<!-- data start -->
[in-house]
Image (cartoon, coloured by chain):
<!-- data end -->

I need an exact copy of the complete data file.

[in-house]
Image (cartoon, coloured by chain):